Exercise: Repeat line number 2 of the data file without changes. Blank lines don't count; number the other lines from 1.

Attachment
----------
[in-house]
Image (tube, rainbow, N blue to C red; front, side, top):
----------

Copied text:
Image (tube, rainbow, N blue to C red; front, side, top):